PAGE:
Where Thorn really shines in the Crucible though, is as a form of support weapon. The gun’s DoT has fantastic synergy with practically any weapon your teammates happen to be using, impairing health regeneration and allowing for anyone to quickly finish off a tagged opponent. This especially lends itself to things like the competitive playlist, where each enemy death holds far more weight than a standard Quickplay game. While Thorn may be at a disadvantage in a long range duel with Ace of Spades or Not Forgotten, it can easily play a deadly supporting role in team-shooting, possibly better than any other weapon out there. The burn also forces an enemy to be extra cautious, which can make or break the clutch moments an objective based game mode, and it can even temporarily disable snipers with a quick and/or lucky shot. Even outside of heavily coordinated team modes, Thorn can act as a support weapon for the user as well. A quick shot or two can be used to lower an enemy’s health for just long enough to finish them off with a shotgun or SMG that’s just a bit too far for its normal one hit range. As a final plus, the tics of the DoT can show the user where the enemy is through walls for their duration, which can be a good warning before deciding whether or not to give chase.
A sub-note regarding recoil and bloom: hand cannons at RPMs other than 180 are currently reported to suffer severe bloom and difficult to control recoil on console, a problem present since launch. This fact reduces the usability of Thorn considerably. Additionally, Thorn shows an odd recoil pattern, kicking up and slightly to the right, which can be difficult to correct for on a controller.
Gambit Rating: 7/10
- All PvE pluses
- Low range makes it a poor choice for invading or defending
- Good at ad clear, but not the best
- Uses an exotic slot
- Poor boss DPS
Sadly, Thorn is at its weakest in Gambit. While it still remains a solid gun for killing ads and high-value targets, the competitive nature of the gamemode drags this particular hand cannon down. If looking at the various roles introduced in Gambit Prime, Thorn doesn’t fit properly into any of them. The majority of its positive score here stems from the fact that its just so good against PvE enemies that the user probably won’t feel dissatisfied using it until the more competitive aspects of the game mode come into play.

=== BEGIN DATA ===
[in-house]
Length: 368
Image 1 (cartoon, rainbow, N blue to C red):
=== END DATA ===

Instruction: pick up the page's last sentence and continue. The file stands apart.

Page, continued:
Sentry: Thorn is not particularly adept at quickly disposing of blockers due to the lack of weak enemies near the bank with which to trigger Soul Devourer. In all cases, an energy weapon or Malfeasance would do a better job here.
Invader: Thorn has its PvP troubles amplified by the larger size of Gambit maps, as well as the focus on special and heavy ammo. It very rarely will win primary battles against longer range weapons, and will almost never be victorious against a sniper or heavy weapon. Even so, it can be of some use in certain situations, and isn’t a bad choice if it doesn’t get in the way of using other, preferred weapons.
Collector: If a collector’s goal is to stay alive while picking up as many motes as possible, Thorn doesn’t really provide any benefit here. Quick reactionary weapons like Shotguns and Fusion rifles are the better choice, and possibly Crimson for health regen in emergencies. Assuming ad clear is mostly taken care of by the Reaper, Thorn has practically no situation in which it is the best choice, though it’s not a particularly horrible choice, like a solo Rat King would be.
Reaper: Thorn is possibly more at home here than in any other role, though not by much. While it is capable of clearing ads effectively, especially with Soul Devourer active, it is not particularly better at doing it quickly than something like Breakneck or Huckleberry, both of which can also generate orbs of light. For a Reaper with at least +6 armor, an exotic slot is much better used in the special category, which can be quickly regenerated through multikills.
A final problem exists across all classes, and that is when it comes time to damage the primeval, Thorn comes in short. While a primary weapon is not expected to do most of the boss damage in any case, Thorn uses up one of the most valuable assets in Gambit: The exotic slot. There are several solid choices for an exotic in Gambit, like Lord of Wolves, Wardcliff Coil, or Thunderlord, all of which will likely prove more valuable than Thorn. Even among primary exotics, Thorn is just not the best option. Malfeasance will far out-damage it with its Taken Predator and Explosive Shadow perks. These points also hold true in other high tier activities like Raids, where Thorn will not do enough to prove itself as a worthy choice for an exotic. It is worth noting though that the usage of Thorn is by no means a detriment to your team, and its use is really down to personal preference. It simply is not adding anything of note.
Note: Below are the results of damage tests against Kali using various exotic (and one legendary) hand cannons. If you are only interested in the review itself, you may skip this section. All tests were performed inside a Well of Radiance using Lunafaction boots. No plates were completed, all damage was dealt before Kali’s first wipe mechanic. Results are from “realistic” situations, meaning not every shot was a crit, but multiple runs were performed and averaged.
|Ace of Spades
Results: Thorn, unsurprisingly, beats out Ace of Spades, which has never been considered a prime DPS weapon. Similarly expected, Malfeasance surpasses both of them with its explosive tainted slugs, though its lead would be slightly less on a non-Taken enemy type. The interesting thing is that all three exotics end up falling far behind Not Forgotten, a legendary. When landing regular crits, Magnificent Howl allows the weapon to maintain a consistently higher damage output. If you’re wanting to save your exotic slot for a heavy and have a good kinetic special, Luna’s Howl and Not Forgotten are the optimal choices for Hand Cannon DPS.